A summer at his "dream school"
Rapheal Mathis considers himself lucky. He attended Northwestern University — his “dream school” — before he even graduated from high school.
In Northwestern University’s College Preparation Program (CPP), high school students like Mathis can take a real three- to eight-week undergraduate course or one of the program’s intensive seminars while living in a dorm on the Evanston campus over the summer.
“I couldn’t believe I was in a real class with real college students,” he says. “I also had a lot of independence. It really excited and motived me about college.”
An academic edge
Mathis, who writes poetry and has a passion for communication, took a six-week course in public speaking. He was thrilled to discover how much knowledge and experience his professor had. He also discovered that expectations in college are higher — and there’s more personal discipline required. Mathis sees that as one of the biggest advantages to getting a taste of college early.
“In high school, there’s a lot of hand holding and always someone telling you what to do or where to be,” he explains. “Following a college syllabus where you have to be more organized and work harder was a new challenge. Once I was in my own college, I saw that it gave me an edge over students who don’t know what to expect or are surprised by the amount of work. They’re trying to manage a lot of new things at once.”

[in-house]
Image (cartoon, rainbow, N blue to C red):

Time for fun and friends
But CPP wasn’t all about hitting the books. The program organizes outings in Chicago, and Mathis saw his first Cubs game and performed his poetry in cafes. He also took in Evanston’s vibrant downtown and lakefront with a new group of peers.
“There were a lot of people my age and from many different backgrounds,” he says. “But every night in the dorm you get to know each other, and you connect as a family. I met so many people. It was very cool.”
Mathis is now in his first year at Lake Forest College, where he is planning to major in communications.
“The CPP course helped me learn how to connect with an audience, and that’s what attracts me to this field,” he says. “I would definitely recommend CPP. It can be life changing.”